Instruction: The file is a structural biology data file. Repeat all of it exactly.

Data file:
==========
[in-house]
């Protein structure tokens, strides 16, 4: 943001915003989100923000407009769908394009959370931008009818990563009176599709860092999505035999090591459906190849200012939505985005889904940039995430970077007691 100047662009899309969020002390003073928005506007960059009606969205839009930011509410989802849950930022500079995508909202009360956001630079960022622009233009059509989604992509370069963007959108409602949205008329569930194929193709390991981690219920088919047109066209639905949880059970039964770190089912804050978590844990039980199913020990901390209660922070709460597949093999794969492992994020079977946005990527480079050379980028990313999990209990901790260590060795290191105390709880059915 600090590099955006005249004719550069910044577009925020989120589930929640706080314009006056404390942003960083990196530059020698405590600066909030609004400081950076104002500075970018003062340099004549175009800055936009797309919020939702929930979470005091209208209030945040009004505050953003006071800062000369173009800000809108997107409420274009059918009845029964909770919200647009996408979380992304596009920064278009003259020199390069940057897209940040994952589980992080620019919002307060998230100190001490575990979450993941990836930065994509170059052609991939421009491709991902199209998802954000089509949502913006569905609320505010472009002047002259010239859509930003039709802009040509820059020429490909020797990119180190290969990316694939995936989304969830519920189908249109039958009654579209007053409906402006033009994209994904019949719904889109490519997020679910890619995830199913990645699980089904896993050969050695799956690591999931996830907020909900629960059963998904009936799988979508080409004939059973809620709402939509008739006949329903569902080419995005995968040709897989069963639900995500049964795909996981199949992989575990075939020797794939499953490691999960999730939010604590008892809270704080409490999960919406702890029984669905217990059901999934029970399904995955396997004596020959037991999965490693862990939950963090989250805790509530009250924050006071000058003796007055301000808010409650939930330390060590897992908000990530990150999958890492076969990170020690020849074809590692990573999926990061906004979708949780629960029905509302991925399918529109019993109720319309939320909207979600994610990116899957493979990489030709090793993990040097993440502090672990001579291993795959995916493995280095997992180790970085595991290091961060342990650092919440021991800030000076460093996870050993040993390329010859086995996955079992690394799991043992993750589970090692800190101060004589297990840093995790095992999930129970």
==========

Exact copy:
[in-house]
């Protein structure tokens, strides 16, 4: 943001915003989100923000407009769908394009959370931008009818990563009176599709860092999505035999090591459906190849200012939505985005889904940039995430970077007691 100047662009899309969020002390003073928005506007960059009606969205839009930011509410989802849950930022500079995508909202009360956001630079960022622009233009059509989604992509370069963007959108409602949205008329569930194929193709390991981690219920088919047109066209639905949880059970039964770190089912804050978590844990039980199913020990901390209660922070709460597949093999794969492992994020079977946005990527480079050379980028990313999990209990901790260590060795290191105390709880059915 600090590099955006005249004719550069910044577009925020989120589930929640706080314009006056404390942003960083990196530059020698405590600066909030609004400081950076104002500075970018003062340099004549175009800055936009797309919020939702929930979470005091209208209030945040009004505050953003006071800062000369173009800000809108997107409420274009059918009845029964909770919200647009996408979380992304596009920064278009003259020199390069940057897209940040994952589980992080620019919002307060998230100190001490575990979450993941990836930065994509170059052609991939421009491709991902199209998802954000089509949502913006569905609320505010472009002047002259010239859509930003039709802009040509820059020429490909020797990119180190290969990316694939995936989304969830519920189908249109039958009654579209007053409906402006033009994209994904019949719904889109490519997020679910890619995830199913990645699980089904896993050969050695799956690591999931996830907020909900629960059963998904009936799988979508080409004939059973809620709402939509008739006949329903569902080419995005995968040709897989069963639900995500049964795909996981199949992989575990075939020797794939499953490691999960999730939010604590008892809270704080409490999960919406702890029984669905217990059901999934029970399904995955396997004596020959037991999965490693862990939950963090989250805790509530009250924050006071000058003796007055301000808010409650939930330390060590897992908000990530990150999958890492076969990170020690020849074809590692990573999926990061906004979708949780629960029905509302991925399918529109019993109720319309939320909207979600994610990116899957493979990489030709090793993990040097993440502090672990001579291993795959995916493995280095997992180790970085595991290091961060342990650092919440021991800030000076460093996870050993040993390329010859086995996955079992690394799991043992993750589970090692800190101060004589297990840093995790095992999930129970």